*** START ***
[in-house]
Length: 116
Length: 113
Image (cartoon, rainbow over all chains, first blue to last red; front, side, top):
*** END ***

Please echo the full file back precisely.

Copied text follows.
[in-house]
Length: 116
Length: 113
Image (cartoon, rainbow over all chains, first blue to last red; front, side, top):